Such strategies of attack against Moore are also in keeping with the almost surreal stubbornness of American mainstream media in its imposition of a kind of statistical isolationism upon policy discussions of any kind (in essence, a pathological unwillingness to measure our prospects for social problem-solving against similar problems faced in other countries, as well as the possible merits of the solutions proposed for them). This is a dangerously disingenuous tactic for a society so firmly committed to imposing its own social models upon the world beyond its borders. While it occasionally leaks through that European and Asian countries far surpass America in terms of the quality of public education and environmental policy (and now, thanks to Moore, in health care), it is apparently still impermissible to ask, in any public forum, “how do they do it?”. And any suggestion through mainstream channels that we might try to emulate them amounts to public political suicide. It seems that the illusion of American superiority in all things is an illusion still too cherished to be widely challenged. This is perhaps Sicko’s most valuable contribution: it dares to suggest that we, as a society, might benefit from a little more humility.

But let’s return to that WHO data. If you have IE7, you can easily use the “tabs” feature to do side-by-side comparisons of the United States to any other country listed on the WHO website. Let’s look at Moore’s most impressive claims. Do Canadians live 3 years longer? Click along with me…yes, they do. Is their child mortality rate lower? It is. Do they spend less on health care - hold on, we must be careful with this question. We cannot necessarily use dollars, even with the “international $” which lists the per-capita expenditures of each country on health care, because it will not actually provide us the answer to what we are looking for. We want to know how much it costs one country relative to itself to pay for their health-care system. The better figure to use is “% of GDP”. So…do Canadians pay less? Hell yes.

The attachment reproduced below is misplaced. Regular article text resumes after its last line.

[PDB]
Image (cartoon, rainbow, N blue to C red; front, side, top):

Do the French live longer? Less child mortality? Less a % of GDP? Yes, yes, and yes. The British? Yes, cubed. We are not talking about statistically negligible differences, either, but about longer lives of two or three years. We are taking about 10 to 30% reductions in child mortality (given in numbers-per-thousand). We are noting that while the U.S. spends %15.4 of its GDP on health care, the next-highest expenditure is around 10%, and it goes down from there. At this point it seems as though, since we’re willing to spend so much on health-care, we could easily blast the rest of the world out of the water by spending it correctly, should we chose to do so.

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But, does it hold true elsewhere? Indulge me as I do some more tab-clicking. Here goes the backwards-alphabet challenge: Switzerland? Yes. Sweden? Yes. Spain? Yes. Switzerland spends 11.5% of its GDP - quite a bit above the others but still well below the U.S. In all three countries, I’m seeing life-span gains of 3 or 4 years, and child mortality rates that nearly halve the U.S.’s. Sweden does halve them, while spending only 9.1% of its GDP.

Perhaps the S’s are lucky. I continue. Poland? Worse, at a third of the cost. Norway? Yes - better and cheaper. Ditto Netherlands. And Luxembourg. Italy, too, similarly leaves us in the dust. Also Ireland. Iceland, as well, kicks our ass. Hungary, however, does worse, if that makes anyone feel better. Greece - much poorer than the U.S. - does better. Germany does better. This is getting a bit boring….but I press on. Finland is better. Denmark has the same life-expectancy, but far fewer dead children and half the cost. Czech Republic does worse than the U.S. Belgium is better and cheaper.

In almost every case since the S’s, we are looking at drastically reduced rates of child mortality (30-60% lower), longer life-spans by at least 2 years (and more often 3 or 4 years, with the difference especially noteworthy among women), and GDP figures that almost never peak 10%, and are usually about half of what we spend in the United States.